©2019 Charles River Editors (P)2019 Charles River Editors

Narrator: Bill Hare
Length: 1 hr and 29 mins
Available on Audible
Cover art for American Legends: The Life of Woodrow Wilson

American Legends: The Life of Woodrow Wilson

Summary

Includes Wilson's Fourteen Points, inaugural addresses, and his war message to Congress for World War I. As one of the most influential men of the 20th century, there is no shortage of adjectives to use when describing Woodrow Wilson's two terms as president of the United States. Wilson was a pioneer of the Progressive movement both before and during his presidency, becoming a populist champion a generation before Franklin Roosevelt's New Deal. He ran for reelection by touting his neutrality during World War I, only to lead his nation into the war and become the architect of a world body that would lead to greater inter-connection among nations. Today Wilson is best remembered for his Fourteen Points, one of the most forceful arguments for an idealistic foreign policy in American history, and his fight for the League of Nations, which set the model for today's United Nations. Wilson's presidency was monumentally consequential, but it is not without its critics, nor is the man himself. Even as Wilson has come to be viewed as one of America's greatest presidents, perception of Wilson and his administration as racist have also taken hold. Despite being one of the early 20th century's most forceful proponents of a globalized foreign policy, Wilson's personal views and comments were ardently anti-immigration, and Wilson's administration entrenched and expanded segregation in the federal government.

©2014 Charles River Editors (P)2017 Charles River Editors

Narrator: Bill Hare
Length: 2 hrs and 15 mins
Available on Audible
Cover art for Prisoner 374215

Prisoner 374215

Summary

The cracks had opened wide one day, let the monsters out, and swallowed every bright thing. While the cell is sparse and cold, at least this one has a bed. The figure resting there is too thin; too still, the prominent bones the result of long starvation, the stillness the product of too much anguish and abuse. He watches, though. An anxious, intelligent mind still occupies this frail and failing body, one that watches and wonders about the new guard occupying his cell each night. ESTO Universe A Matter of Faces Gravitational Attraction Vassily the Beautiful Sub Zero Prisoner 374215 By Imperial Decree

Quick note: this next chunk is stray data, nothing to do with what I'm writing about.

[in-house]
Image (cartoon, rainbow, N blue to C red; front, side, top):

©2013 Angel Martinez (P)2020 Angel Martinez

Narrator: Bill Hare
Length: 1 hr and 7 mins
Available on Audible
Cover art for John Barrymore

John Barrymore

Summary

"A man is not old until regrets take the place of dreams.” (John Barrymore) Movie stars are revered for their ability to captivate audiences, and Hollywood began to flourish before the onset of television, allowing movies to enjoy relatively uncontested supremacy over American entertainment. The popularity of various actors would, thus, extend well beyond the success of any of their individual films, reflecting their much broader cultural significance as monuments of Hollywood during its Golden Age.  In the 1920s, the burgeoning movie industry was starting to come into its own, and virtually no actor was as famous - or infamous - as John Barrymore. Like many other film stars his age, Barrymore’s career had started in other forms of entertainment, in his case theater. By the time movies were becoming popular, Barrymore was one of the world’s foremost Shakespearean actors.  After standout performances in productions of Richard III and Hamlet, Barrymore transitioned for a time to working on films, including Dr. Jekyll and Mr. Hyde (1920), Sherlock Holmes (1922), and The Sea Beast (1926). His career would not be hampered by the end of the silent film era either, and he would continue to star in movies throughout the 1930s, including in critically acclaimed films like Grand Hotel (1932), Twentieth Century (1934), and Midnight (1939).  For a time, Barrymore was one of the most popular actors of the day, but more than 75 years after his death, he is likely better remembered more for his family lineage and his contributions to pop culture, voluntarily and involuntarily.  Barrymore hailed from an acting family, and he would become the patriarch whose descendants continued to be acclaimed actors, most recently his granddaughter Drew Barrymore. But while that might be his most tangential legacy in the 21st century, Barrymore’s personal life continues to draw interest, from his many marriages and paramours to the substance abuse that was common knowledge by the end of his life.  Barrymore even tried to play to his reputation and get in on the joke, often taking on roles that served as parodies of his own outlandish behavior. In a self-deprecating reference to his love life, he once joked, “I am thinking of taking a fifth wife. Why not? Solomon had a thousand wives, and he is a synonym for wisdom.” And when he appeared in My Dear Children in 1939, a critic for The New York Times noted, “Although he has recklessly played the fool for a number of years, he is nobody's fool in My Dear Children, but a superbly gifted actor on a tired holiday.”  As it turned out, he didn’t have much time left after that performance, as all of his excesses took a fatal toll on him in 1942, at the age of 60.  John Barrymore: The Life and Legacy of Early 20th Century America’s Most Famous Actor chronicles the dramatic life and career of Barrymore on and off the screen.